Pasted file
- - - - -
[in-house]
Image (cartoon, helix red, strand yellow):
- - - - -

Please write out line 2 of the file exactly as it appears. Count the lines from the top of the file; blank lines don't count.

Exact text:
Image (cartoon, helix red, strand yellow):